Honoring A Global Tradition Of Thanksgiving

English: "The First Thanksgiving at Plymo...

English: “The First Thanksgiving at Plymouth” (1914) By Jennie A. Brownscombe (Photo credit: Wikipedia)

You may think that American’s are the only one’s who have a holiday set aside for giving thanks.  Perhaps it would surprise you to know that setting aside a day / rituals for giving thanks is a global tradition that spans many cultures and has been around for a long, long time.

On howstuffworks.com  this morning I found a great series on the Thanksgiving from a global perspective, starting with Thanksgiving customs in other cultures:

http://people.howstuffworks.com/culture-traditions/holidays/thanksgiving1.htm

We generally think of Thanksgiving as a uniquely American holiday, but there’s actually a long tradition of harvest-time celebrations and thanksgiving celebrations.

­Every autumn, the ancient Greeks enjoyed a three-day festival to honor Demeter, the goddess of corn and grains. The Romans had a similar celebration in which they honored­ Ceres, the goddess of corn (the word “cereal” is derived from her name). The Roman celebration included music, parades, games, sports and a feast, much like modern Thanksgiving.

In fact, one of the most prominent Thanksgiving symbols, the cornucopia, actually dates back to the ancient Greeks and Romans. The term (generally describing a horn-shaped basket filled with fruit, flowers and other goodies) comes from the Latin cornu copiae, literally “horn of plenty.” In Greek mythology, the cornucopia is an enchanted severed goat’s horn, created by Zeus to produce a never-ending supply of whatever the owner desires.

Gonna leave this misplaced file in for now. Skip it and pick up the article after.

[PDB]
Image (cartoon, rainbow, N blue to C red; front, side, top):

The ancient Chinese held a harvest festival called Chung Ch’ui to celebrate the harvest moon. Families would get together for a feast, which included round yellow cakes called “moon cakes.”

In the Jewish culture, families also celebrate a harvest festival, Sukkot. This festival has been celebrated for 3,000 years by building a hut of branches called a Sukkot. Jewish families then eat their meals beneath the Sukkot under the night sky for eight days. The ancient Egyptians participated in a harvest festival in honor of Min, the god of vegetation and fertility. Parades, music and sports were a part of the festivities.

In the British Isles, the major Thanksgiving forerunner was a harvest festival called Lammas Day, named for the Old English words for “loaf” and “mass.” On Lammas Day, everyone would come to church with a loaf of bread made from the first wheat harvest. The church would bless the bread, in thanks for that year’s harvest.

Thanksgiving day is also related to the English Puritan’s practice of setting apart individual days of thanksgiving. These highly religious occasions usually followed times of great difficulty: The Puritans would praise God in thanks for enduring a hardship. In practice, American Thanksgiving isn’t a religious occasion, but it is centered around gratitude.
Click on the link  http://people.howstuffworks.com/culture-traditions/holidays/thanksgiving1.htm  to learn more about the origin of Thanksgiving and other fun facts and be thankful that we have the internet to give us some education and perspective.

I know I am thankful for the internet so I can spend less time blogging and more time prepping the turkey….

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Categories: Anthropology, Consumer Anthropology, Consumer Culture, Rituals, Uncategorized | Tags: , , , , , , , , , , | Leave a comment

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